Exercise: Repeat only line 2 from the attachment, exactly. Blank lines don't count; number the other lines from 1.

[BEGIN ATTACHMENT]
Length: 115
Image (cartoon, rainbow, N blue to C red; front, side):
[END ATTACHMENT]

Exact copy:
Image (cartoon, rainbow, N blue to C red; front, side):